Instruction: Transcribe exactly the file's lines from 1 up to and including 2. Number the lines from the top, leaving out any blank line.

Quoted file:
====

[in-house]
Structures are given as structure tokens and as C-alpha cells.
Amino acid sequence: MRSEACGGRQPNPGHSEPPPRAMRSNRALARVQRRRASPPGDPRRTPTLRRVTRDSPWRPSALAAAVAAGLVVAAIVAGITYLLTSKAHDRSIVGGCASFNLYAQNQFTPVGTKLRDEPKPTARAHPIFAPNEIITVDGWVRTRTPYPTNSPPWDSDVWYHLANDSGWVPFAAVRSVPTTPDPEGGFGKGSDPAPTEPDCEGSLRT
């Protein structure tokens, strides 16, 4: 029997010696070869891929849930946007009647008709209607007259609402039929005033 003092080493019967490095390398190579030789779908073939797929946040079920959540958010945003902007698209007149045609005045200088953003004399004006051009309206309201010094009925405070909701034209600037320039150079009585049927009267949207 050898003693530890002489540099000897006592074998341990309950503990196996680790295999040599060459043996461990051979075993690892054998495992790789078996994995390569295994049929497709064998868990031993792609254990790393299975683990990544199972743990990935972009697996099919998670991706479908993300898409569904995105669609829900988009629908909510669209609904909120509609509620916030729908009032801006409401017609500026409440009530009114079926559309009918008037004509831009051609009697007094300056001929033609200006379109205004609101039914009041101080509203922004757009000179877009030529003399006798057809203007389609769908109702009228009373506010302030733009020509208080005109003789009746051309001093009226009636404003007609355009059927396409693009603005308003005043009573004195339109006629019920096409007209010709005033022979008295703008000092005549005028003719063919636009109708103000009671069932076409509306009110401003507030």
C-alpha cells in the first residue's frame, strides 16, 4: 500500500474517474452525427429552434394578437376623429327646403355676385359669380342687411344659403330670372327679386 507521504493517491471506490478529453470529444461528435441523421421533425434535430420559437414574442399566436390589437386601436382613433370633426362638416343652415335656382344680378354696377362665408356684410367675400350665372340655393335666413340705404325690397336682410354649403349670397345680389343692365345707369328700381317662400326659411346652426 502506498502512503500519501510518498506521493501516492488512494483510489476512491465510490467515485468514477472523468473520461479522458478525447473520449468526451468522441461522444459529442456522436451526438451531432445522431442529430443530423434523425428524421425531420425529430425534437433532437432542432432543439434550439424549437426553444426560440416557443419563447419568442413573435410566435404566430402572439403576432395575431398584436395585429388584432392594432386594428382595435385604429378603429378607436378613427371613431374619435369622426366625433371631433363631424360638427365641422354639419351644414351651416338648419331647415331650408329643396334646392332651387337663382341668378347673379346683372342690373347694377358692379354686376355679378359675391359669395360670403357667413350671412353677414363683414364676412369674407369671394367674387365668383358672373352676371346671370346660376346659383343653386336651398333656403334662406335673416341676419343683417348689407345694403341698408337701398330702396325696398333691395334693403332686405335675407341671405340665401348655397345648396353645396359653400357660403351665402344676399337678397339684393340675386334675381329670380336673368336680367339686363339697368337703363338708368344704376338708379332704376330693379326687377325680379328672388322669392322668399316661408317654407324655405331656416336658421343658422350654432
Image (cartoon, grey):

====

[in-house]
Structures are given as structure tokens and as C-alpha cells.